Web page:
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Pink Berkeley Tie Dye Tomatoes
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Pink Berkeley Tie Dye tomatoes are beautiful 8-12 ounce beefsteak-type tomatoes with port wine skin and metallic green stripes. Their pink-red flesh can have streaks of green or yellow, and they offer a deep, very sweet and complex flavor. The relatively compact indeterminate tomato plants are vigorous and early to bear fruit, and will keep producing all season long up until frost.
Pink Berkeley Tie Dye tomatoes are available early summer.
Like all tomatoes, the Pink Berkeley Tie Dye tomato is a variety of Solanum lycopersicum, which is in the Solanaceae, or nightshade, family along with the potato and eggplant. It is an open-pollinated cultivar, which means that saved seed will reproduce the same variety when planted the following year unless natural cross-pollination or spontaneous mutation occurs.
Like other beefsteak-type tomatoes, Pink Berkeley Tie Dye tomato’s thick, meaty slices are wonderful on sandwiches or burgers, and their colorful appearance adds a unique flare to vegetable trays or fresh salads. Tomatoes pair well with both savory and sweet herbs, as well as soft cheeses. Store tomatoes at room temperature until ripe, after which refrigeration can be used to slow the process of decay and prevent further ripening.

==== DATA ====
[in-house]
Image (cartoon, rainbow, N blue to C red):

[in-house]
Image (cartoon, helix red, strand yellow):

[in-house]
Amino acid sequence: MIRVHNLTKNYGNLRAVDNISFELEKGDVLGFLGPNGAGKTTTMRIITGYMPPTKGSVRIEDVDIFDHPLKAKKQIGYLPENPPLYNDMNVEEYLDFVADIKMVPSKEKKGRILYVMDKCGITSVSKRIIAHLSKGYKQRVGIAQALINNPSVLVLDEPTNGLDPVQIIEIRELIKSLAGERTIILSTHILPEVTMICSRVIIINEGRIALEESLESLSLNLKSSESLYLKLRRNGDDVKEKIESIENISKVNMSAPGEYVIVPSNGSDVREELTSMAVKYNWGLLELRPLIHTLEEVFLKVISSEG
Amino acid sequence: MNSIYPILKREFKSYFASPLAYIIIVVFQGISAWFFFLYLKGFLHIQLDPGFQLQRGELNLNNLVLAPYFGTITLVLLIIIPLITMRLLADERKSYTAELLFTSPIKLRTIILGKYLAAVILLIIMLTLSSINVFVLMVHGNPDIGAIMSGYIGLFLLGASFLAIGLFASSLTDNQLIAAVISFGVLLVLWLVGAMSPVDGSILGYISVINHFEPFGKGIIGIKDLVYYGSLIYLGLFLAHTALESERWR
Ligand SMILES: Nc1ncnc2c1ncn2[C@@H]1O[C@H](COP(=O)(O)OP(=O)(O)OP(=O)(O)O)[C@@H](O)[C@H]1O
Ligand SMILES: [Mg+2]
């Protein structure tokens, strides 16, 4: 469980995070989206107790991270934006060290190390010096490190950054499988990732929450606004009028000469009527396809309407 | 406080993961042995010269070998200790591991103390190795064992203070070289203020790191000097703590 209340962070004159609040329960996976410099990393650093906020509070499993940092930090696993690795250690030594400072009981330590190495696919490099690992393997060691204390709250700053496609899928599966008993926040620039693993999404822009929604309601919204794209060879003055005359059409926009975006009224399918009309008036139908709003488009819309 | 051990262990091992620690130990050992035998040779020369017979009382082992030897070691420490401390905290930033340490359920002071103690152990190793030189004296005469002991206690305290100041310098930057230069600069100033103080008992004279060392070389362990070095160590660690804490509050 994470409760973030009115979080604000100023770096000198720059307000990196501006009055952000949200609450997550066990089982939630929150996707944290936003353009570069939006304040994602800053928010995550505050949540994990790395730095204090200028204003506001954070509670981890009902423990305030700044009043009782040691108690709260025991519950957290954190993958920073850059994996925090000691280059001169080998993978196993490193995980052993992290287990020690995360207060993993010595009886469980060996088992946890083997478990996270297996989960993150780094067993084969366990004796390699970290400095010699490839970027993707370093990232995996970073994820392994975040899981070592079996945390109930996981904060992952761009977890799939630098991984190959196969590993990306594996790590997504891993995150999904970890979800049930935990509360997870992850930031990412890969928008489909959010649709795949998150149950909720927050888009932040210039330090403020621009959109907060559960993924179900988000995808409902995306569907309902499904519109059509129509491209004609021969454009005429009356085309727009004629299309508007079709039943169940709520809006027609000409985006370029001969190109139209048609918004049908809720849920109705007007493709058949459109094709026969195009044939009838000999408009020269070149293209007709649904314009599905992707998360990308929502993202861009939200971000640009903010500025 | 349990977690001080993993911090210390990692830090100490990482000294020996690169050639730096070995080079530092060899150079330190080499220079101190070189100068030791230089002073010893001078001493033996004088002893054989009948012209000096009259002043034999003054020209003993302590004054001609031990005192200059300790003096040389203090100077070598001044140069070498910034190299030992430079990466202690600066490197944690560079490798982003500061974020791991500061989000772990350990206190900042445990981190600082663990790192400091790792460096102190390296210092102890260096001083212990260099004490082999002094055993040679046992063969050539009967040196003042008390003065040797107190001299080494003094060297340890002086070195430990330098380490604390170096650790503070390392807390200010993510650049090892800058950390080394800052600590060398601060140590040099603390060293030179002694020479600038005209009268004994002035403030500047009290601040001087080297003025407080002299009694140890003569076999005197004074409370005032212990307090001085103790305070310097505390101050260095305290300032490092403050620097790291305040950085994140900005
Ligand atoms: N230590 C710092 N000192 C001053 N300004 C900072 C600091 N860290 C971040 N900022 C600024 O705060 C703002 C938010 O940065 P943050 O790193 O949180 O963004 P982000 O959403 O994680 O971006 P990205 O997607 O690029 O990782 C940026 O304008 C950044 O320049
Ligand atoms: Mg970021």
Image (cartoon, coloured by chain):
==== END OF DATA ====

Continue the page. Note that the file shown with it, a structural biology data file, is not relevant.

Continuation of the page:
Brad Gates has bred several dozen new tomatoes, and the Pink Berkeley Tie Dye tomato is one of his biggest crowd-pleasers. It has an excellent, rich and sweet flavor that has been put to the test against Cherokee purple, an heirloom tomato and consistent taste test favorite around the United States. However, in several farmers markets taste tests with these two varieties, Pink Berkeley Tie Dye tomato was reportedly preferred every time.
The Pink Berkeley Tie Dye tomato is a related variety of the Berkeley tie-dye tomato. Its seed was selected and grown by Brad Gates, known in the California Bay Area as “the tomato guy”, and was first offered in the Seed Savers 2008. Pink Berkeley Tie Dye tomatoes are well adapted to almost all climates, including the Bay Area climate. Brad has said, “Even people in Berkeley can raise it because it can handle the Bay Area fog.”